A polarized light beam with its x (or p) and y (or s) electric field components after one pass through the retardation plate 32 is given by the vector:

[ E x E y ] = W ( φ , Γ ) [ E x E y ] where W ( φ , Γ ) = [ cos ( - φ ) sin ( - φ ) - sin ( - φ ) cos ( - φ ) ] [ exp ( - ⅈΓ / 2 ) 0 0 exp ( ⅈΓ / 2 ) ] [ cos φ sin φ - sin φ cos φ ]
Because of the reflection of the probe beams 26, 27 from the mirror 34 , the instrument reference (DC) 27 and signal 26 (−1 order) beams will pass twice through the sample 30, in effect giving twice the sample retardation that allows the retardation matrix to be rewritten as:

W ( φ , Γ ) = [ exp ( - ⅈΓ ) cos 2 φ + exp ( ⅈΓ ) sin 2 φ exp ( - ⅈΓ ) cos φsin φ - exp ( ⅈΓ ) cos φsin φ exp ( - ⅈΓ ) cos φsin φ - exp ( ⅈΓ ) cos φsin φ exp ( - ⅈΓ ) sin 2 φ + exp ( ⅈΓ ) cos 2 φ ]
The incoming beams into the sample in the instrument 10 of FIG. 1 are the horizontally or p-polarized (DC) beam 27 written as the vector

[ 1 0 ] ,
and the vertically or s-polarized (−1 order diffracted) beam 26 written as the vector

[ 0 1 ] .
So after the double pass through the sample, the DC or reference beam 27 becomes the electric field vector:

[ 1 0 ] -> [ E x 1 E y 1 ] = W ( φ , Γ ) [ 1 0 ] = [ exp ( - ⅈΓ ) cos 2 φ + exp ( ⅈΓ ) sin 2 φ exp ( - ⅈΓ ) cos φsin φ - exp ( ⅈΓ ) cos φsin φ ] ,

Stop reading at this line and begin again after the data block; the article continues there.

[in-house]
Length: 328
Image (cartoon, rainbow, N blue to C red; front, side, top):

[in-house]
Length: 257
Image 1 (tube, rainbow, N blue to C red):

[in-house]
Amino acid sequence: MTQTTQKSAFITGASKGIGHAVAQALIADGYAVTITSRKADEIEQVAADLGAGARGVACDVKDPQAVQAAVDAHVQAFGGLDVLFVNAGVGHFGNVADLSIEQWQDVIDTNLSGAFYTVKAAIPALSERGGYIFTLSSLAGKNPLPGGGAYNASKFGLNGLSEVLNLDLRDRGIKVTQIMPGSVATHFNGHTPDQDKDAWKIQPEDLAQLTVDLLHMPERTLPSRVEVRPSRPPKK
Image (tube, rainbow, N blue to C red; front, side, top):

while the −1 order or Doppler shifted signal beam becomes the electric field vector:

[ 0 1 ] -> [ E x 2 E y 2 ] = W ( φ , Γ ) [ 0 1 ] = [ exp ( - ⅈΓ ) cos φsin φ - exp ( ⅈΓ ) cos φsin φ exp ( - ⅈΓ ) sin 2 φ + exp ( ⅈΓ ) cos 2 φ ]

Note that the signal and reference beams 26, 27 now both contain both s (or y-direction) and p (or x-direction) polarization components. So far, this analysis assumes that the AOTF 24 is driven for a 50:50 input light split such that 50% of input light is diffracted and the remaining 50% light stays in the DC or undiffracted beam 27 . Note that by controlling the AOTF drive power, this split ratio can be optimized for a desired value.